regardless of any quit commands present in the
-D toggle single and dual console configurations. In
the single configuration the console will be either
the internal display or the serial port, depending
on the state of the -h option below. In the dual
console configuration, both the internal display
and the serial port will become the console at the
same time, regardless of the state of the -h
option. However, the dual console configuration
takes effect only during the boot prompt. Once the
kernel is loaded, the console specified by the -h
option becomes the only console.
-d enter the DDB kernel debugger (see ddb(4)) as early
as possible in kernel initialization.
-g use the GDB remote debugging protocol.
-h toggle internal and serial consoles. You can use
this to switch console devices. For instance, if
you boot from the internal console, you can use the
-h option to force the kernel to use the serial
port as its console device. Alternatively, if you
boot from the serial port, you can use this option
to force the kernel to use the internal display as
the console instead. The serial port driver sio(4)
has a flag to override this option. If that flag
is set, the serial port will always be used as the
console, regardless of the -h option described
here. See the man page for sio(4) for more
-m mute the console.
-n ignore key press to interrupt boot before loader(8)
-P probe the keyboard. If no keyboard is found, the
-D and -h options are automatically set.
-p pause after each attached device during the device
-r use the statically configured default for the
device containing the root file system (see
config(8)). Normally, the root file system is on
the device that the kernel was loaded from.
-s boot into single-user mode; if the console is
marked as ``insecure'' (see ttys(5)), the root
password must be entered.
-v be verbose during device probing (and later).
You may put a BIOS drive number, a controller type, a unit number, a partition,
a kernel file name, and any valid option in /boot.config to set
defaults. Enter them in one line just as you type at the `boot:' prompt.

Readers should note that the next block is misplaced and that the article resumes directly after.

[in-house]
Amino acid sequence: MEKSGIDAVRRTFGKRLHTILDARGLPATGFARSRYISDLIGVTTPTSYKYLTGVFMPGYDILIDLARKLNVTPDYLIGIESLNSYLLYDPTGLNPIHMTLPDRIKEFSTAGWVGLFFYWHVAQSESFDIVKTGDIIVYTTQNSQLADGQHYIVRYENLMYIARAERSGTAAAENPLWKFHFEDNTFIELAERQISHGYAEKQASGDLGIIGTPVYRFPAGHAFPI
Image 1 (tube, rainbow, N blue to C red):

/boot.config parameters for the boot blocks (optional)
/boot/boot1 first stage bootstrap file
/boot/boot2 second stage bootstrap file
/boot/loader third stage bootstrap
typical non-default kernel (optional)
ddb(4), ttys(5), boot0cfg(8), btxld(8), config(8), disklabel(8), halt(8),
loader(8), reboot(8), shutdown(8)
When disk-related errors occur, these are reported by the second-stage
bootstrap using the same error codes returned by the BIOS, for example
``Disk error 0x1 (lba=0x12345678)''. Here is a partial list of these
0x1 Invalid argument
0x2 Address mark not found
0x4 Sector not found
0x8 DMA overrun
0x9 DMA attempt across 64K boundary
0xc Invalid media
0x10 Uncorrectable CRC/ECC error
0x20 Controller failure
0x40 Seek failed
NOTE: On older machines, or otherwise where EDD support (disk packet
interface support) is not available, all boot-related files and structures
(including the kernel) that need to be accessed during the boot
phase must reside on the disk at or below cylinder 1023 (as the BIOS
understands the geometry). When a ``Disk error 0x1'' is reported by the
second-stage bootstrap, it generally means that this requirement has not
been adhered to.
The disklabel(5) format used by this version of BSD is quite different
from that of other architectures.
Due to space constraints, the keyboard probe initiated by the -P option
is simply a test that the BIOS has detected an ``extended'' keyboard. If
an ``XT/AT'' keyboard (with no F11 and F12 keys, etc.) is attached, the
probe will fail.
FreeBSD 5.2.1 April 19, 1994 FreeBSD 5.2.1 [ Back ]